June 21, 2013 | by Chris Johnson
Berry tapped as U.S. ambassador to Australia
John Berry, gay news, Washington Blade

John Berry, who’s gay, was named U.S. ambassador to Australia. (Blade file photo by Michael Key)

President Obama nominated on Friday for the first time ever an openly gay person to serve as ambassador to a G-20 country.

John Berry, who formerly served as director of the U.S. Office of Personnel Management until his departure in April, was nominated as U.S. ambassador to Australia. Before his departure from OPM, Berry was considered the highest-ranking openly gay person within the Obama administration. His nomination as ambassador is subject to Senate confirmation.

Chad Griffin, president of the Human Rights Campaign, in a statement praised the nomination of Berry, whose nomination fulfills the request from HRC for the nomination of an openly LGBT person as an ambassador to a G-20 country.

“John Berry has been a devoted public servant for 30 years, and will bring tremendous experience to our embassy in Canberra,” Griffin said. “His lifetime of professional experiences make him an outstanding choice to be the nation’s next ambassador to Australia. I urge the Senate to confirm his nomination.”

At the start of Obama’s second term, Berry was discussed as a potential nominee as secretary of interior, which would have made him the first openly gay Cabinet member. During the Clinton administration, Berry served in a senior position within the Department of the Interior and later was director of both the National Fish & Wildlife Foundation and the National Zoo. However, the role of secretary of the interior ultimately went to Sally Jewell.

In the course of his time at OPM, Berry in addition to his regular duties acted as adviser on LGBT issues within the administration. The OPM director was present at the meeting in which White House officials informed LGBT advocates it wouldn’t issue at this time an executive order barring LGBT workplace discrimination among federal contractors, and Berry also took part in a White House meeting with transgender advocates on the Transgender Day of Remembrance.

According to OpenSecrets.org, Berry donated $5,000 to Obama’s presidential re-election campaign.

Berry wasn’t the only out nominee that Obama named on Friday. The president also named James “Wally” Brewster Jr., who’s senior managing partner for the Chicago-based consumer dynamics strategy consulting firm SB&K Global, as U.S. ambassador to the Dominican Republic.

Griffin praised Brewster, who’s a national LGBT co-chair for the Democratic National Committee and serves on HRC’s board.

“Wally Brewster is an excellent choice to be our nation’s ambassador to the Dominican Republic,” Griffin said. “His global business and management expertise is matched by his enthusiasm and commitment to human rights and democracy around the world. Wally’s political intelligence and work in public affairs and communications would make him a valuable contribution to our nation’s diplomatic efforts.”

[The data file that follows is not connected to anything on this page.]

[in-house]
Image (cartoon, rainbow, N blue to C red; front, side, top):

According to OpenSecrets.org, Brewster has made significant donations to the Democratic Party and Democratic candidates. In the last election cycle, Brewster donated $30,800 to the Democratic National Committee, $5,000 to Obama’s re-election, and made numerous donations to state Democratic parties and campaigns for Democrats, including lesbian Sen. Tammy Baldwin (D-Wis.).

Obama made the two openly gay nominations as part of a group of 15 nominations on the same day. In a statement, Obama emphasized their capabilities as U.S. ambassadors.

“These men and women have demonstrated knowledge and dedication throughout their careers,” Obama said. “I am grateful they have chosen to take on these important roles, and I look forward to working with them in the months and years to come.”

The two nominations of Friday come on the heels of several other nominations of gay men to ambassadorial posts. Last week, Obama named Rufus Gifford, the finance director for his 2012 presidential campaign, as ambassador to Denmark, and James Costos, who’s HBO’s vice president of global licensing and retail, was named U.S. ambassador to Spain. In the previous week, Obama named Daniel Baer, who previously served as a senior State Department official as U.S. ambassador to the Organization for Security & Cooperation in Europe.

Three other openly gay men have previously served as U.S. ambassadors. David Huebner has been U.S. ambassador to New Zealand and Samoa since 2009. Michael Guest was U.S. ambassador to Romania during the Bush administration and James Hormel was U.S. ambassador to Luxembourg during the latter part of the Clinton administration.

Chris Johnson is Chief Political & White House Reporter for the Washington Blade. Johnson attends the daily White House press briefings and is a member of the White House Correspondents' Association. Follow Chris

1 Comment
  • If Julian Assange had been openly gay would he have been given asylum in the Ecuadoran Embassy in London? (Given the homophobic attitudes of Eduadoran President Rafael Correa).

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